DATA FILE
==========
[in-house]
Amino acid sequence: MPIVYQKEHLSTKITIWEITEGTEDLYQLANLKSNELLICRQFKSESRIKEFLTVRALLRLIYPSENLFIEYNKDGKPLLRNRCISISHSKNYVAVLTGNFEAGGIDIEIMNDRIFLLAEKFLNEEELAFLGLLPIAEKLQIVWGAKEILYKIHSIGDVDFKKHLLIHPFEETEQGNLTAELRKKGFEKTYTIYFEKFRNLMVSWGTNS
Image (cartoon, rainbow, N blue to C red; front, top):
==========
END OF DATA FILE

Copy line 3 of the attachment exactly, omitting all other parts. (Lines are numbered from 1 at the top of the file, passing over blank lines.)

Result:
Image (cartoon, rainbow, N blue to C red; front, top):